With all the recent hubbub about Microsoft’s Kinect and Sony’s PlayStation Move, you’d be excused for thinking that motion control is some new phenomenon. In reality, it’s a technology that’s been around on the PC for years. Head tracking allows you to control your PC with your head. Mostly used in sim games, head tracking lets you move and tilt your head to control where your character looks. There are, of course, some excellent commercial head-tracking systems available, but it’s possible (thanks to free software called FreeTrack) to build your own head tracker with just a webcam and a few dollars worth of electrical supplies. We’ll show you how.
E3’s been put to bed and tucked in tight, and we’ve given you a pretty good taste of what we saw while we were there. Here’s the thing, though: we only previewed games. Handy, sure, but isn’t there, like, an entire industry surrounding this stuff? So consider this your preview of everything else. Trends, technologies, when we’ll finally catch a glimpse of Half-Life 3 (answer: the day after Duke Nukem Forever comes out), and more!
1. Modern Warfare – I never thought I’d say this, but I sort of miss World War II. Actually, no I don’t, but after realizing that, by now, the number of fictional Middle Eastern countries invented to house fictional videogame terrorist groups probably outnumbers the actual Middle East, I’ve definitely started feeling some fatigue from constantly playing as the boys in fatigues. That, however, didn’t stop E3 from proudly displaying Call of Duty: Black Ops, Spec Ops: The Line, Medal of Honor, and plenty of others cut from the same cloth as Infinity Ward’s opus.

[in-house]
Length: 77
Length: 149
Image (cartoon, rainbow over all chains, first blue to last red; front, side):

The Forecast: Modern Warfare’s influence has already spread to the most disparate corners of the gaming universe and will continue to do so. Some games won’t even try to dress up their influences (Medal of Honor, I’m looking at you. Oh, wait, is that you Modern Warfare 2? Sorry. Easy Mistake). Others, meanwhile, might try putting a personal spin on the proceedings – like Spec Ops with its choice-based storyline. But that’s only the tip of the iceberg. Every multiplayer game under the sun – war-based or not – is taking cues from Modern Warfare’s addictive level-up system. Don’t believe me? Try the latest Transformers game. Yeah.
Windows Explorer hasn't always been the most feature-packed of elements inside Microsoft's operating systems. Yet, oddly, it's probably the one part of your Windows version that you use most frequently. But that's not to say that everything is Microsoft's fault. We're often so quick to blame the software giant for what's more a lack of future-proofing than outright failure. In this case, Windows Explorer can't predict what's going to be the next big thing--it can't know that you'll want your photographs easily updated to Maximum Photos someday; it has no idea that you might somehow need to paste a direct link to a file instead of its name or containing folder.
Windows Explorer is, in a word, dumb.
But that's not what we're here to talk about. We're not going to sit around a table and lament about all the features Windows Explorer could have were you one, Bill Gates, and had access to an engineer, or two, or twenty thousand. We're going to go over all the unique little elements that you can build into Windows Explorer right this darn second. I can think of five off the top of my head that are useful additions to your standard interactions with your operating system. They're free, they're awesome, and they're yours for the taking after the jump!